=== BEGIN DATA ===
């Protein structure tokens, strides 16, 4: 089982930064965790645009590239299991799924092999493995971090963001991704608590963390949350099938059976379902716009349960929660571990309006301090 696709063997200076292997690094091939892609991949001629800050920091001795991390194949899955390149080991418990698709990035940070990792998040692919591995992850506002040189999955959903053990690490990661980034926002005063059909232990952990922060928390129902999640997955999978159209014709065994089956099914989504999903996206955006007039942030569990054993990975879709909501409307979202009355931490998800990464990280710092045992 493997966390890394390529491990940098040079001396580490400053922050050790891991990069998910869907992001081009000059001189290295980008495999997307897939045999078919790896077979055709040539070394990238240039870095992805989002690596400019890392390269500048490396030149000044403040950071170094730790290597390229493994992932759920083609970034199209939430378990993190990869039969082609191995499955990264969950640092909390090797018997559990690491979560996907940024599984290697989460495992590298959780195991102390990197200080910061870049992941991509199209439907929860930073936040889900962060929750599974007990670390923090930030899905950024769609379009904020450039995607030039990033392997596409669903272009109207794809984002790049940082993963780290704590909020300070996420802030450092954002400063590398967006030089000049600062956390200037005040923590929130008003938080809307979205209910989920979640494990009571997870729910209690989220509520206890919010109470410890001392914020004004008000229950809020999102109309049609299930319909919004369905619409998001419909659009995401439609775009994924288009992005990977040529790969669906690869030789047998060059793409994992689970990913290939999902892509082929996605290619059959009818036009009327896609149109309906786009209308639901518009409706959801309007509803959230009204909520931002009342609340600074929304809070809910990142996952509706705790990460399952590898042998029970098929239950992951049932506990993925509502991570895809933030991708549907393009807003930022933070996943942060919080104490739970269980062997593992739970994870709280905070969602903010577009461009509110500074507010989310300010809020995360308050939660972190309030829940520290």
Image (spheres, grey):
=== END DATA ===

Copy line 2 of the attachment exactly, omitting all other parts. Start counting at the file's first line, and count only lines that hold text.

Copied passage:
Image (spheres, grey):